Our firm currently has about 12 percent in energy, mining and gold bullion. We anticipate almost doubling the firm’s allocation to “hard assets” in 2011.
Despite our bullishness on the sector, we caution investors not to overdo it.
Money managers can scarcely resist the opportunity to play the seer, but mortals can’t know the future. The first rule of prudent investing always is: diversify.
Jason Pride, Glenmeade, Ahead to 2011 – Recovering Again
Leading indicators and business surveys continue to point upwards.
Initial claims have convincingly broken out of their range (under 400k jobless claims in latest report), suggesting monthly employment figures should be positive.
The economic recovery that started in 2009 has resumed and looks likely to continue in 2011.
US has chosen stimulus first, Europe has chosen austerity – markedly different paths.
The new US tax bill provides yet more stimulus, although only adding to the bigger issue.
The EU has agreed to a permanent bailout facility; markets still feel policymakers are behind the curve, however, and worries continue.
Ultimately, both areas are likely to implement both easy monetary/tight fiscal policies.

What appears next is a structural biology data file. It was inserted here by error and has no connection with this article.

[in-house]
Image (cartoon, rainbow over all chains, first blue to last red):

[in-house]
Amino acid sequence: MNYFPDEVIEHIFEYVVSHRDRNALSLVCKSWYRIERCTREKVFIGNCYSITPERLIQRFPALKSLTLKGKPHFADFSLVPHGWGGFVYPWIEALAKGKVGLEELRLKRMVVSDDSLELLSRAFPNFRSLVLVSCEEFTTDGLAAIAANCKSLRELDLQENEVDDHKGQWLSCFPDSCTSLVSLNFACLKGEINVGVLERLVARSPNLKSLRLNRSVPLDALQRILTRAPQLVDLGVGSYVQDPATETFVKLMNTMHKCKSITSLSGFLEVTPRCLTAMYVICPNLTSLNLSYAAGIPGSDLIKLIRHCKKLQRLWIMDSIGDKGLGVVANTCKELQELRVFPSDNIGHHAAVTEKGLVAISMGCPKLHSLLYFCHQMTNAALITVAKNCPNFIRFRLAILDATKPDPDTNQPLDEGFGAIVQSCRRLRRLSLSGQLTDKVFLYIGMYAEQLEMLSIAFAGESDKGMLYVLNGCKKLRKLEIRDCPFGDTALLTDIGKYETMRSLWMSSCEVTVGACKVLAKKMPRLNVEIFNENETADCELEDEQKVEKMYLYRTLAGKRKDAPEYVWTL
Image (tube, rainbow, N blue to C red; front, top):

The U.S. needs to implement fiscal discipline, while Europe needs more support.
The U.S.’s stimulus-first plan likely to prove the more efficient and stable path.
Economic and Market Viewpoint:
The global economy, still recovering from the recession, looks ready to expand in 2011.
The global economy still faces multiple headwinds.
Momentum to reduce government spending is building.
U.S. politicians continue to kick the debt/deficit can down the road.
Developed market currencies are likely to remain under pressure.
Underweight low-yielding assets such as cash and Treasuries.
Shift portfolio allocations toward undervalued/attractive assets:
Undervalued Equities: U.S. quality growth and European Multinationals.
Fixed Income: municipals, high yield, global bonds.
Position to benefit from growth in the emerging market middle class.
Protection from devaluation: emerging market currencies and commodities.
Covered call strategy.
Invest to benefit from falling correlations: hedge funds and active managers.
Guy LeBas, Janney Scott
Each January, we produce a list of our Top Surprises—events which we believe have a reasonable hance of occurring, but which the markets are not pricing in—for the New Year. For 2010, six of our top ten surprises came to fruition, ranging from the probability that commercial real estate defaults would remain limited to the likelihood that the EU would step forward and bail out a peripheral member country (the latter surprise being a reality twice over). At this point, 2010 is in the history books, and the focus is turning to the coming year. On balance, economic growth should resume at a slow though positive pace and financial market conditions should avoid any of the distresses that plagued the final years of the last decade. We do see a range of unexpected risks emerging, though for the most part, these risks are less problematic than the ones present in recent years.